World of Warcraft: It's Good to be King
by Meredith Watson (MerryQuiteContrary), OnRPG Journalist
The release of Mists of Pandaria, Blizzard's fourth expansion for the World of Warcraft, is looming on the horizon and with some potentially big MMO hitters soon to be released we have to ask; what is it that makes World of Warcraft so popular after seven plus years? Surely it isn't the graphics as WoW has been outshone in this department from the beginning. One could say Everquest II, which was released a month before WoW, has far superior graphics.
The simple answer is that WoW is fun. The animations are smooth and the combat is fluid. The player can move around while in combat seamlessly. The game world is vast with multiple zones to quest in. While the quests are linear the player doesn't feel as if he or she is playing on rails because there are different zones at any given level the player can quest in.
It is an easy game to learn yet hard to master and that is by design. The intricacies of WoW are not to be overlooked. There are forums dedicated to number crunching and min/maxing characters. There are players who spend an inordinate amount of time finding the best build for whatever role they are playing with whatever gear they are using. Other players go with cookie cutter builds and some could care less. There are games with more options in the talent building such as Rift's souls but WoW talents, as in other aspects of the game, caters to all types of players.
What WoW does better than any other game out there is the carrot on a stick approach (not to be confused with “carrot or the stick”). For example, when the player gets to level ten they get their first talent point. Level 20 sees the player's first mount and so on and so forth all the way to end game. Blizzard knows what makes players want to play and that is milestones. By the same token, WoW is also the master of instant gratification. WoW has become very accessible to the casual gamer but still supports its hardcore raiders. As soon as a player hits level 15 the dungeon finder opens to them making getting a group and rewards a breeze. Blizzard has also incorporated a raid and battleground finder so that anything the player wants to achieve in game is reasonably easy to attain with some effort and time.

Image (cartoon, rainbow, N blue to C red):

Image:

For some players there is another aspect to WoW and that is its mod-ability. There are multiple sites dedicated to add ons and mods to aid performance as well as customizing the player's user interface. This in turn makes WoW feel as it if belongs to the player. By customizing the game's interface it has the player's personality stamped all over it adding to the immersion factor of the game.
While WoW has an intuitive, mod-able interface, linear quests, a versatile talent system and all the spit and polish an established game can have, one of WoW's main features for many of its current and returning players is the social aspect. The WoW community can be diverse ranging from the 70 year old grandfather to soldiers playing from Afghanistan to the middle aged housewife. There are tales of couples meeting, falling in love and getting married, whole guilds meeting in the real world or real life friends falling out over something that happened in the game. People from all walks of life play WoW with one common goal and that is to have fun. Ask any WoW player what their fondest memory is of the game and it is almost assured they will recite some story that included at least one other player.
Yes, its graphics are dated but there is a depth to WoW that is rarely matched in other MMOs.
Love it or loathe it, the World of Warcraft is here to stay for the foreseeable future. Blizzard has set the bar high for the genre by taking what its predecessors gave us and making it appealing for the masses. Yet Blizzard continues to see what is current in other MMOs and incorporate those things into WoW . Blizzard is always moving the game forward and keeping it contemporary.
Every game released in the last few years has been touted by some of the gaming community as being the “WoW killer” and while, no doubt, many WoW players have and will continue to try new games (they are gamers after all), no single game will ever be a “WoW killer”. So, for now, it is good to be king.